PULLMAN – In sports, the term upset refers to an unexpected result. In real life, it can refer to a distressed stomach.
Six of one, half-a-dozen of another.
When the Washington State Cougars take the Martin Stadium turf Saturday afternoon for their homecoming matchup with seventh-ranked Stanford, they will be aware they are a three-touchdown underdog.
“It would be awesome to come back here after not playing at home for a month, against a top-10 team, on homecoming, with a packed stadium, to get the ‘W,’” said junior defensive end Travis Long.
But what they may not know is it’s been five years since a Cougar football team has upset a ranked team.
Five years with numerous chances but no success.
“Winning a game like that builds great memories,” said coach Paul Wulff this week, who, as a player in 1988, returned from an appendicitis operation in time to help the Cougars upset top-ranked UCLA, 34-30, in the Rose Bowl. “You remember moments during the game, flashes, things that stick with you the rest of your life.
“That’s why when you get into these situations, it’s a great opportunity – a challenge, obviously, for our football team – to build some great memories.”
So how does quarterback Jeff Tuel or Marshall Lobbestael, whoever Wulff chooses to play today, lift the Cougars past a Stanford team that has won 13 consecutive games, the longest streak in the nation?
The most recent Cougar quarterback to lead WSU to an upset of a ranked team, Alex Brink, has some ideas.
“Playing at home is a huge advantage, to start with,” said Brink, currently a backup with the Winnipeg Blue Bombers of the Canadian Football League. “But a big piece is just having the confidence in yourself, to know you can compete with whatever group is opposite of you.
“Then it’s just a matter of going out and executing your game plan.”
WSU’s last upset of a ranked team came Oct. 21, 2006, a 34-23 home win over the Oregon Ducks in a game Brink believes shouldn’t have been that close.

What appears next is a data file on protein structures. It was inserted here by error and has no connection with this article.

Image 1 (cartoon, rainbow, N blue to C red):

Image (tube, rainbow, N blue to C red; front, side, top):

But the seeds of the upset were sown earlier in the year, he said.
“At that time we only had three losses and they were all to top 10 teams,” Brink said. “We had handled our business in our other Pac-10 games that year, so we had some confidence built up.”
These Cougars may have developed some confidence at the end of last year’s 38-28 loss at Stanford, scoring three fourth-quarter touchdowns to throw a scare into the Cardinal.
And they should have built more the first five games this year, winning two easily, rallying for another and being on the edge of victory in both defeats.
Whatever came before, an upset today would mean a lot, Brink said.
“It validates the growth as a team and a program,” he explained. “The next week we went down to UCLA and beat up the Bruins in the Rose Bowl. There was a ton of confidence their from having beat a ranked team.”
And the memories will stay with them forever.
“Coach has told the story of that (1988) UCLA game before, a lot,” said Long, a junior. “But ever since I’ve been here we haven’t had that big victory, where we’re upsetting someone. Might as well start now. Why not?”
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